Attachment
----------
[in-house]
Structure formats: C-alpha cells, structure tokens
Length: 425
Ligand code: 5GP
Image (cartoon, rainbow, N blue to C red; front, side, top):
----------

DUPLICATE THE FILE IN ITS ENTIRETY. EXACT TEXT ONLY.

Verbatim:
[in-house]
Structure formats: C-alpha cells, structure tokens
Length: 425
Ligand code: 5GP
Image (cartoon, rainbow, N blue to C red; front, side, top):